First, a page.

“I’m thinking, this is unbelievable,” Tara Albrecht recalled. “I can’t believe — it’s like, why didn’t someone just come check with us? Find out what the reason our speeding was and help us?”
She and her son watched in disbelief as the officer directed Albrecht to step toward oncoming traffic and get on his knees. “Step back, go to your left!” Officer Nevarez shouted. “F—–g faster! Get on your knees!”
Albrecht told KRQE the sirens were so loud as police backup arrived, and said he was worried for his family’s safety. Lapel video shows three other officers arrive on the scene and continue with a felony stop, pointing guns at the family and shouting, “Hands up!”
Albrecht’s wife and 16-year-old son also had guns pointed in their direction. Albrecht was handcuffed, as he continued trying to explain to officers, “My dog’s about to die! My dog’s about to die!”
“I saw my son was sticking his hands out the window, too, like, dude, our dog’s going to die,” Albrecht recalled being fearful for his son. “I was scared. I was genuinely scared.”
The officer’s lapel footage shows the shirtless 16-year-old with his hands in the air, pleading with police, “Our dog’s gonna die!” The teen tried to point the officers in his mother’s direction to see that their dog was bleeding from its head.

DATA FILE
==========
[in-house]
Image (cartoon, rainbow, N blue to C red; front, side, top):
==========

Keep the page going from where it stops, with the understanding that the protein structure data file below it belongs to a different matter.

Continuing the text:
“And none of them seemed to even care at the moment at all,” Albrecht told KRQE.
“I would never put my son in a position like that, ever,” said Albrecht. “I back the blue. I support the blue. Like, I always want to show him that, you know, you submit to these guys. That you’re supposed to be able to trust them.”
He and his family said they couldn’t believe how they were treated. “What did we do to warrant guns being pointed at our head?” Albrecht asked. “Pointing a loaded gun at a man’s head, it’s a threat, you know? And I didn’t feel like I earned that threat.”
“We’re talking about loaded weapons with one in the chamber where if he pulls that trigger on accident, I’m dead. My son’s dead. And then what? Then what are they going to say? Oh, we’re sorry. There’s no sorry for that,” Albrecht added.